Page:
When Windermere resident Kyle Masson was just 8 years old, he was introduced to his little brother several weeks early after a whirlwind birth by emergency cesarean section. The four-pound, two-ounce baby boy spent time on life support in the Neonatal Intensive Care Unit at Winnie Palmer Hospital for Women and Babies before he was able to go home. The boys’ father, local neurosurgeon Dr. Robert Masson, describes Kyle as “uniquely involved” in his role as big brother to Alex when they were young.
“Ever since that incredible time, Kyle has had a passion for reaching out to sick kids in a calming and healing way,” Robert says.
Last year, Kyle had an idea to build two racing simulators at Arnold Palmer Hospital for Children. He wanted to engage with the kids while providing a fun distraction and motivation to get through the trying times. Since then, he has raised $20,000 to make it happen.
“He came up with his simulator program to try to do something unique for kids who have to be in the hospital, to try to take their mind into a positive, fun, competitive place, to inspire hope and direction,” Robert says. “Kyle loves motorsports racing like nothing in his life and, to him, the gift of the simulators is the most important gift that he could give a sick kid, other than inspiring them to compete on the simulator.”
Kyle’s dedication to making the simulator program a reality earned him a nomination to the Orlando board for Children’s Miracle Network Hospitals. At 19 years old, this is quite the feat.
His involvement in motorsports is what drives his ambition to give back. What began as Kyle’s passion for racecars developed into a competitive outlet for him and his father. While Robert expected to teach his first born about the sport, he says there was a role reversal where Kyle became the mentor.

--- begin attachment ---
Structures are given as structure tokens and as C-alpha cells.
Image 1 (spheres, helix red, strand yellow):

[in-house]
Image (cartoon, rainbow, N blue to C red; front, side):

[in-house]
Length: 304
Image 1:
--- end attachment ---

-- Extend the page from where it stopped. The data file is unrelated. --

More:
“We constantly feed off each other and learn from each other,” Kyle says. “He has provided me with the learning platform that allowed me to grow, reach my potential and set the bar high. From there, he has a bar set for him to chase.”
Now, the Masson men race in a professional prototype series, the IMSA Mazda Prototype Challenge, as a father-son team. Kyle is undefeated in eight races, including this year’s Rolex 24 Hours of Daytona and the 12 Hours of Sebring.
“I am so grateful to be in a position where I can share this experience with my child,” Robert says. “A lot of people are amazed at the commitment that I have given to his racing, but, in reality, I am the lucky one to have shared this with him.”
As Kyle continues to excel in racing, he will also continue to be an ambassador for sick kids, using his passion for the sport to change their lives.